Ottawa nixes former environment panel's data-sharing plan
Environment Canada, not Sustainable Prosperity, to take over research data
The people who are winding down the controversial National Round Table on the Environment and the Economy say Environment Minister Peter Kent has nixed their plan to keep all their research public.
The government pulled funding from the roundtable a year ago, giving the advisory body until this Friday to shut down.
Acting chairman Robert Slater says the group had planned to hand over 25 years of research and analysis to think-tank Sustainable Prosperity to ensure it remained public.
But he says Kent sent him a letter last week telling him that Environment Canada would take over the information instead.
"The rights to the domain name rtee-trnee.ca will not be assigned or otherwise transferred to any outside entity, but will be transferred to Her Majesty the Queen, in right of Canada, as represented by the minister of the environment," Kent's directive states.
The letter also asks that no new information be added to the group's website, even though two new documents were ready to be published, including the reflections of previous roundtable chairs and CEOs.
"Further, the National Round Table on the Environment and the Economy (NRTEE) will upload no further content to its external website, as of the date on which this direction is signed," Kent writes.
Environment Canada did not immediately provide an explanation, but the letter commits the department to following government policies on sharing information.
"Environment Canada intends to make the information available in accordance with Government of Canada Information Management and Publications policies."
Plan shared with government long ago
In an interview, Slater said he does not understand why the government is taking such action. He said he informed Environment Canada long ago of his plan to transfer all the research and analysis to the think-tank.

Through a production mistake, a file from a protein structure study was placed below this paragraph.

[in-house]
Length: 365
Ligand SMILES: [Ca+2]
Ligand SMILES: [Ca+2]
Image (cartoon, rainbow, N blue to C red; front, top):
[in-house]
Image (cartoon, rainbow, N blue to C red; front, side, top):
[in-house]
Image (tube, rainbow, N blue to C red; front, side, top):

And given that the roundtable was arm's length from the government, and shut down by the government, he continues to believe the think-tank is the right organization to maintain the roundtable's legacy.
"Our concern is based on insuring the integrity of this intellectual property for the benefit of Canadians," Slater said.
When the government pulled funding from the roundtable last year, ministers offered duelling explanations. Kent said it was not necessary to pay for a group that was producing research available elsewhere in the public realm.
But Foreign Affairs Minister John Baird suggested the closure was because the government did not want to pay for advice that did not fit with the government's general direction.
The roundtable had warned repeatedly that the federal government would not be able to meet its targets for cutting greenhouse gas emissions without dramatic action such as putting a price on carbon — something the Conservatives have railed against.
Environmentalists expressed alarm at the news.
"This is another example of the government attempting (to) silence dissenting voices," said John Bennett of the Sierra Club of Canada.
"NRTEE was an arm's-length agency, not a department of the government. He has shut down a plan to make this information easily accessible and bury it."